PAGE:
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From The Grassroots

Kabaddi and Maharashtra - A generational love story

Kabaddi is more than a sport in Maharashtra - it holds huge cultural significance. The Bridge traces the generational love story between the sport and the state.

Kabaddi and Maharashtra - A generational love story
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Kabaddi is passed through generations in Maharashtra as a tradition (PritishRaj/TheBridge)
By

Pritish Raj

Updated: 2022-12-21T15:41:45+05:30

Mumbai: Kabaddi is a sport known to every Indian household. All of us have played it at some point in our childhood or known how it is played. But there are few states which love the sport as Maharashtra does.

The western Indian state is known for legendary international players in both men's and women's categories, such as Abhilasha Mhatre, Maya Kashinath, Shantaram Jadhav, and Raju Bhavsar among others.

It was fitting that the season finale of Pro Kabaddi League 2022 was hosted by the city which loves Kabaddi as much as it loves its vada pav.

Kabaddi in Maharashtra

Like a duck takes to the water, kids in Maharashtra take up the sport of Kabaddi - especially those with access to the mud grounds, with ease.

"Kabaddi is so huge in Maharashtra that it has the most professional clubs in India. Kabaddi is a cheap sport and anybody can play. When we used to get out of the home, it was Kabaddi going on everywhere. It was natural for us to take up this sport," veteran Kabaddi coach Rajesh Padave tells The Bridge.

The history of Kabaddi in Maharashtra dates back more than 80 years. Shankarrao Salvi - popularly known as Kabaddi Maharishi, is one of the pioneers of Kabaddi who unified the sport across the country. He was also responsible for the expansion of the game globally with the Maharashtra Team in the 1970s travelling to Japan and Nepal to exhibit the sport.

The efforts made by Salvi some decades ago are visible now, as Mumbai City alone has more than 300 kabaddi clubs. The suburbs of Mumbai is home to 300 kabaddi clubs. The neighbouring district of Thane has more than 200 clubs.

"Every district of Maharashtra has Kabaddi clubs. Even if they don't have a lot of clubs, they will have a minimum of 100 clubs. Every school has a kabaddi team. Kids keep playing it regularly. Colleges support the training and finances also for the game to grow," Padave says about the reach of Kabaddi.

Cultural significance of Kabaddi

Kabaddi is not just a sport in Maharashtra but holds huge cultural significance. Kabaddi courts are made for local exhibition tournaments whenever festivities surround the state.

The players who play in these tournaments are local heroes, and people die to get a selfie with them. People in business reward the players performing well - from a car to a house, and this tradition has continued for ages.

"I remember whenever a local player would do something great or win a tournament in some other state, the local people and rich merchants would reward them. Once a Kabaddi player was rewarded with a 24-carat gold ring and chain just for visiting the Kirana shop in his locality," Padave sums up the craze of Kabaddi in Maharashtra.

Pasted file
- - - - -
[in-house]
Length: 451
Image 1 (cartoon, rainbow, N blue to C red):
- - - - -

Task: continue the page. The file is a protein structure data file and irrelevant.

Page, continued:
The local community has to gather and cheer for their players on how the City of Joy unites for local football games.

Impact of Pro Kabaddi League

When the glamorisation of the indigenous sport came in the form of the Pro Kabaddi League in 2014, Rajesh Padave and his students were one of the first ones to be contacted by Star Sports for an understanding of the game.

Rajesh's favourite student Rishank Devadiga became the star in the first season and is a PKL commentator now.

"Aree woh kal khel ke Gaya hai local tournament mere team ke liye (He played a local tournament in the mud yesterday for my team)," Rajesh chuckles.

Talking about the growth of PKL, Rajesh said, "We had no idea PLK will become so huge. I was called to train the Star Sports people and tell them about the game. I trained a cameraman for shooting the live-action, and my kids were the first ones to train for the inaugural season. I am very happy with the heights the Pro Kabaddi league has reached as it has enabled more and more players to take up the highest stage."

Rajesh has coached more than 10 Pro Kabaddi League stars, including Rishank Devdiga, Pankaj Mohite (Puneri Paltan's crisis man in PKL 2022), Sanket Sawant and many more.

Maharashtra is home to many PKL stars, such as Nilesh Shinde, Vishal Mane, Aslam Inamdar, Akash Shinde, Bajirao Hegde, Kashiling Adake, Nitin Madne, Girish Maruti Ernak and others.

Grassroots Kabaddi in Maharashtra

"The kids take PKL very seriously, they will watch every game. I discuss all the strategies and the skills used by players and after that, we enact the same on the mud. With the reach of the internet in homes, the basics of Kabaddi are accessible for every kid," said Rajesh.

Puneri Paltan's crisis man- Pankaj Mohite is one of the few PKL stars coming from this mud Kabaddi ecosystem. (PritishRaj/TheBridge)

"Kabaddi in Maharashtra has become more serious now with people considering it as a viable career option. Apart from Pro Kabaddi, the rise of departmental teams has also resulted in players getting financial stability which has ensured that they can focus all their energy on playing the sport. It has given the players a quality of life, which we never experienced," Rajesh concluded.

As Rajesh Padave wraps up the conversation, a few of his students come running and declare, "Puneri Paltan will win the PKL title this time. U Mumba is out, but we had another team from Maharashtra, and it will win."

Though the Jaipur Pink Panthers manage to break the hearts of the Paltan and their fans across Maharashtra on Saturday night, the generational love for Kabaddi in the state is something worth experiencing firsthand.

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